Django Unchained Samuel L. Jackson Stephen Quentin Tarantino

Samuel L. Jackson as Stephen, a head slave stuck in the past.

Stephen is a doddering old man and an Uncle Tom to Candie, but he’s as much a villain as his master, if not more so. He is at turns hilarious and sinister as only Samuel L. Jackson can be. The magic formula with Jackson has always been to get him shouting “God damn!” and that’s absolutely working for him here.

Watch for some cameos here from Jonah Hill as a Klu Klux Klan member who can’t see out his mask eyeholes, and for an odd fleeting glimpse of Amber Tamblyn in a window. Yes, Tarantino’s got so much clout, he can pull in names for cameos that small.

The music in this movie is glorious. Tarantino brings in the theme song from the 1966 cowboy film Django, and you may well catch yourself singing it on the way out of the theatre. But the old school western music is perfectly blended with some modern rap, including Rick Ross’ great “100 Black Coffins” and the Tupac/James Brown mashup “Unchained”.

There aren’t too many jarring cutaways or text insertions here like you’d find in Kill Bill or, to a lesser extent, Inglorious Basterds. Nevertheless, this movie smacks of Tarantino’s style and writing. There’s one point in the movie where everything looks easily wrapped up, but – in true Tarantino fashion – a little matter of social etiquette blows it wide open.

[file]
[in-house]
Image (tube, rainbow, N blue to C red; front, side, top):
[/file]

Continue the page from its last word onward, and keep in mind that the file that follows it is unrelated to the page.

The gun fight that follows this social faux pas is possibly one of the best scenes on film. It’s gory, loud, over the top and so much fun you don’t want it to ever end.

The same can be said for this entire movie.

Django Unchained will leave you laughing, smiling, and slapping Ds in front of every J you write.

This movie is god damn amazing.

Djust go see it.

9 out of 10

Comic Review: Amazing Spider-Man #700

December 27, 2012 Leave a comment

Marvel Comics Amazing Spider-Man #700 variant cover Doctor Octopus

Marvel got it in right under the wire: in the final week of the 50th anniversary year of Amazing Spider-Man, the series – and its hero – are no more.

There’s no need for sugarcoating, elusive language or avoidance here: Peter Parker is dead, and Doctor Octopus is the new, Superior Spider-Man.

In issue #698, Spider-Man started acting a lot more confident, and it soon became clear that someone else was pulling the strings. At the end, Peter Parker woke up in Doc Ock’s body, only to face Octavius in control of Spider-Man.